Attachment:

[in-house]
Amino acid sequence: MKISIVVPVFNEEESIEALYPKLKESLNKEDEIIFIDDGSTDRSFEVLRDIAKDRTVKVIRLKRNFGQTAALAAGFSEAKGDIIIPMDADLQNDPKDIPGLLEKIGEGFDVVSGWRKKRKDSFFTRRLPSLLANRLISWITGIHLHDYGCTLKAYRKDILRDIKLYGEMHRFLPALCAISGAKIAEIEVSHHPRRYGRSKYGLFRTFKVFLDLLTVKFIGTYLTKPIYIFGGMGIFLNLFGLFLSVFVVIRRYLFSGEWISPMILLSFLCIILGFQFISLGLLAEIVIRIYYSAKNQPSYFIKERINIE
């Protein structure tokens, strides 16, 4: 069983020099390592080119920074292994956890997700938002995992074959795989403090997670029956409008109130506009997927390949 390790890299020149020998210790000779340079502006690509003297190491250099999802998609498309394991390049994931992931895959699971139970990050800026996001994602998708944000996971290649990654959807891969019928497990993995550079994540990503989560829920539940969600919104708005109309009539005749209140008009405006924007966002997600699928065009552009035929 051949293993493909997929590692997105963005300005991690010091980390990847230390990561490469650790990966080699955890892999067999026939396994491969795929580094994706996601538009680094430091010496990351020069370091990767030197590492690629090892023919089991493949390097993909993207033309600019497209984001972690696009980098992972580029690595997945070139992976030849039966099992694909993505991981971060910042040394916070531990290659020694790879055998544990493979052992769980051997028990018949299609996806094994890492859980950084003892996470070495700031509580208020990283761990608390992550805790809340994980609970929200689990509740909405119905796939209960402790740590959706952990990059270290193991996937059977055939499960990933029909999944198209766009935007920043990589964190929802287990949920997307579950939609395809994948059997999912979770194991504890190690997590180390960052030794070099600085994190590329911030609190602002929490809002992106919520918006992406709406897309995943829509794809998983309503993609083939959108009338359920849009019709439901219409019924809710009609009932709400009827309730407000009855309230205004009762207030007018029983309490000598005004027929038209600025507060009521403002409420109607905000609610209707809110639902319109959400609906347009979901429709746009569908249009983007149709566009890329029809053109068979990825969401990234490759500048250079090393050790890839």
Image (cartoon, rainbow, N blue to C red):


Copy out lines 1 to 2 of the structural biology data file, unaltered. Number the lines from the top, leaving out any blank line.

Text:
[in-house]
Amino acid sequence: MKISIVVPVFNEEESIEALYPKLKESLNKEDEIIFIDDGSTDRSFEVLRDIAKDRTVKVIRLKRNFGQTAALAAGFSEAKGDIIIPMDADLQNDPKDIPGLLEKIGEGFDVVSGWRKKRKDSFFTRRLPSLLANRLISWITGIHLHDYGCTLKAYRKDILRDIKLYGEMHRFLPALCAISGAKIAEIEVSHHPRRYGRSKYGLFRTFKVFLDLLTVKFIGTYLTKPIYIFGGMGIFLNLFGLFLSVFVVIRRYLFSGEWISPMILLSFLCIILGFQFISLGLLAEIVIRIYYSAKNQPSYFIKERINIE